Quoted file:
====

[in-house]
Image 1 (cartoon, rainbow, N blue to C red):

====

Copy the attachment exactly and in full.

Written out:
[in-house]
Image 1 (cartoon, rainbow, N blue to C red):